But in 1980, three hardliners – Thuingaleng Muivah, Isak Chisi Swu and S S Khaplang – got together and formed the National Socialist Council of Nagalim (NSCN). Their aim was to relaunch the insurgency for the establishment of a sovereign Christian nation of Nagalim (or greater Nagaland comprising Naga-inhabited areas of Nagaland, Assam, Manipur, Arunachal Pradesh and Myanmar).
The NSCN received active help from China and Pakistan in the form of training, arms supply and provision of safe refuge in (then) East Pakistan. The NSCN split into two factions in April 1988, one headed by Khaplang and the other by Muivah-Swu. The split was over disagreement on commencing dialogue with the Indian government. The split was followed by violent clashes between the two factions that cost many lives.
On July 1997, the NSCN faction led by Muivah and Swu signed a ceasefire agreement with the Government of India. Since then, more than 90 rounds of peace talks have been held. Khaplang also signed a ceasefire agreement in 2001, but unilaterally abrogated it in March 2016, leading to the resumption of violence between NSCN (K) cadres and Indian security forces.
The “Nagalim” that the NSCN still dreams of comprises 1,20,000 sq km of land (a little less than the total size of Tamil Nadu), but Assam, Manipur and Arunachal Pradesh have been vehemently opposed to this demand. They say there aren't any historical records of the tribes who now collectively call themselves Nagas having ever lived or lorded over the territories they claim as their own.
It is the demand for Nagalim that spawned the Naga-Meitei conflict. Though the NSCN claims large parts of Assam, Arunachal Pradesh and Manipur as Naga territory, it is in Manipur that this claim finds the most strident articulation. And that can mainly be attributed to the personal interests and ambitions of just one person – Thuingaleng Muivah, the 82-year-old general secretary of the NSCN faction. Muivah is a Tangkhul (of Manipur).
Though the Nagas claim they are one people, they are riven by tribal feuds and divides and, at the end of the day, it is tribal loyalties that matter the most. Given this, Muivah knows that the Naga tribes of present-day Nagaland will not accept him as their leader since he belongs to a tribe from another state.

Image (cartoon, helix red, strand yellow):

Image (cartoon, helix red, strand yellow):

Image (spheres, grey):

It is imperative for him, then, to get at least the Naga-inhabited areas of Manipur integrated into Nagaland so that after a final peace accord is signed with the government (and such an accord, he knows, has to be within the ambit of the Indian Constitution), he emerges as a leader of all Nagas and can enjoy the spoils of power.
The Nagas of Manipur, at the behest of the NSCN (I-M), started propagating an artificial narrative that the Meitei kings (they are the oldest royal dynasty with their lineage dating back to 33 CE) never ruled over the hills of what constitutes Manipur today, and ever since Independence, the Nagas have been looked down upon and discriminated against by the Meiteis. Hence, they say, they don’t want to be part of Manipur but of Nagaland or Nagalim.
Elangbam Johnson, who heads the United Committee Manipur, the state’s most influential civil society organisation, said:
This narrative is pure fiction...The boundaries of the kingdom of Manipur actually extended much beyond the boundaries of the present-day state of Manipur. After Manipur became a British protectorate, the kingdom was divided into eight sub-divisions—five in the hills and three in the valley—purely based on topography and for administrative convenience. Before that, there was no hill-valley divide. Ancient records show that the hill tribes used to pay taxes to Meitei kings, contribute their men during military campaigns and tribals who call themselves Nagas today served as ministers in the royal council too.
The Nagas of Manipur are organised under the United Naga Council (UNC), which has close ties with Muivah. Many of the top UNC leaders are Tangkhul. The UNC has been spearheading the movement for the Naga-inhabited hill districts to break away from Manipur and become part of Nagalim. The UNC spokesperson K Paul claimed: